(Updates with safety record in 10th paragraph.)
Aug. 13 (Bloomberg) -- Ryanair Holdings Plc Chief Executive Officer Michael O’Leary defended the Irish carrier’s safety record after a U.K. television program screened last night featured pilots who questioned its cost-cutting culture.
Ryanair doesn’t encourage crew to fly with minimum kerosene loads and most of its jets carry more than the required amount, O’Leary said in an interview. Fuel emergencies, declared when pilots come close to breaching a mandatory 30-minute reserve, “while rare, are not unusual” in the airline industry, he said.
Pilots are wary of raising concerns and are encouraged to carry as little fuel as possible, the Channel 4 ’Dispatches’ documentary said, citing a survey conducted by an unofficial group that claims to represent more than half of Ryanair pilots. The fuel issue arose when three jets declared emergencies before touching down in Valencia after diversions from Madrid last year. The planes landed safely and in compliance with European Aviation Safety Agency rules, the Irish Aviation Authority said.
“We don’t have any policy of flying with minimum fuel, there isn’t even a definition of what minimum fuel is,” O’Leary said by telephone, adding that 55 percent of its departing planes take on kerosene over-and-above the stipulated levels.
Regulations require that jets carry enough fuel to reach alternative airports and have sufficient for 30 minutes more flying left over even after landing, the IAA said in a statement on its website. Captains can upload extra fuel and “regularly do so where weather or delays are anticipated,” it said.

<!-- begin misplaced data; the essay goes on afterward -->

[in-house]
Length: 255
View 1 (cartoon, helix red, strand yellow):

A storm over Madrid on July 26, 2012, caused 15 planes to be diverted, David Guillamon, a Spanish air traffic controller, told Dispatches. After being held over Valencia for 50 minutes, 68 minutes and 69 minutes respectively, three Ryanair aircraft followed standard procedure and sought immediate permission to land as they neared reserve-fuel minimums, the carrier has said.
Europe’s No. 1 low-cost airline also has no policy of deleting cockpit voice recordings, O’Leary said in response to assertions in the Channel 4 program, adding that pilots need to save so-called black-box information themselves.
Crew have failed do so following only 12 flights out of about 4 million in the past eight years, the CEO said.
Ryanair has instructed its lawyers to issue legal proceedings against Channel 4 for defamation, and looks forward to the safety of its operations “being thoroughly vindicated,” the Dublin-based company said in an e-mailed statement.
The only event in Ryanair’s history that can be defined as an accident came in 2008 incident when a plane hit a flock of birds before landing, damaging the engines, said Paul Hayes, head of safety at London-based aviation consultancy Ascend.
--Editors: Chris Jasper, Benedikt Kammel.